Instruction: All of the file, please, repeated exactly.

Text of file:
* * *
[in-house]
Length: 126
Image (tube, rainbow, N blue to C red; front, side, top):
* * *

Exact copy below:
[in-house]
Length: 126
Image (tube, rainbow, N blue to C red; front, side, top):